Tuesday, December 28, 2010

Glenn Greenwald on Julian Assange, Wikileaks and the sad state of the Establishment press

This interview with Glenn Greenwald on Julian Assange and Wikileaks is not only informative on those topics. It also puts on dramatic display the all-too-typical dysfunctions of our US national media, especially television.



Greenwald expands on this interview in The merger of journalists and government officials Salon 12/28/2010.

Our national press has very serious problems. The cynics who dismiss politics altogether are happy to say, oh, of course the press is totally corrupt and useless. And overstating the problem in that way harms our understanding of it rather than furthers it. It's important to see what the press currently delivers that still contributes to democratic government and what its specific problems are. Even a softball interview with a senior government official or leading politician can be revealing, sometimes entirely unintentionally. Just as the video above shows the two alleged journalists from CNN, one of which was the Homeland Security Adviser to George W. Bush as President, taking a straight-up polemical stand in favor of the federal government's case against Wikileaks.


At one level it's superfluous to say, but it's still worth noting sometimes that we're not hearing a lot in defense of freedom of the press and open government around the Wikileaks controversy from the Tea Party activists who profess to love freedom and the Constitution so much.

Greenwald's observation here is very much consistent with the interview:

Over the last month, I've done many television and radio segments about WikiLeaks and what always strikes me is how indistinguishable -- identical -- are the political figures and the journalists. There's just no difference in how they think, what their values and priorities are, how completely they've ingested and how eagerly they recite the same anti-WikiLeaks, "Assange = Saddam" script. So absolute is the WikiLeaks-is-Evil bipartisan orthodoxy among the Beltway political and media class (forever cemented by the joint Biden/McConnell decree that Assange is a "high-tech Terrorist,") that you're viewed as being from another planet if you don't spout it. It's the equivalent of questioning Saddam's WMD stockpile in early 2003.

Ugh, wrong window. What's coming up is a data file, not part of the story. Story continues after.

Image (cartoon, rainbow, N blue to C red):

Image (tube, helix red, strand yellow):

As Gene Lyons, also writing about the press and democracy in Salon on 12/22/2010 says in a line that also became the article's headline, People, we're in deep trouble.

I find it frustrating to write about this without falling into some meaningless generalization, e.g., "we don't have a real democracy." We don't have a generally understood vocabulary in US politics to talk about degrees of democracy. The Deep South in which Haley Barbour (and others including me) grew up spoke the language of democracy. But the Mississippi of the 1950s and 1960s was qualitatively different in the kind of government it practiced than most of the country. It and several other Deep South states could be said to be democracy for whites only until after the Voting Rights Act of 1965 was passed and enforced.

Similarly, it's nothing new to see newspapers and other media siding with local business interests against labor, or to see corrupt old-style city political machines fix elections.

Even today, despite great and continuing efforts by the Republicans to establish 1950s-Deep-South levels of election manipulation in various parts of the country, the voting procedures in the US right now are generally pretty clean.

But when the Supreme Court picks the loser in the Presidential race to place into office, as they did in 2000, that is something new and bad that has happened that reduces the degree of democracy we have. When the national press has travelled the road it has from Whitewater (1992) to Judith Miller and her "weapons-of-mass-destruction" propaganda fraud (2002) to the empty-head-propaganda standard of infotainment passing for journalism that we see in the clip above, something bad has happened that reduces the degree of democracy. When the Supreme Court opens the floodgates of corporate money to influence election outcomes, relying on a legal theory of the corporation as a legal person that was reactionary even in the 19th century, something bad has happened that reduces the degree of democracy.

At the same time, the Internet has created alternative forms of political participation in the last 15 years or so that has been on balance a positive contribution up to now. The political system as a whole doesn't move uniformly in one direction. Progress in one area can come at the same time as retrogression in another.

But the current state of our national press is a danger to democracy in the United States. Not the only one, but certainly one of the most serious. Maybe in the long run, the most serious.

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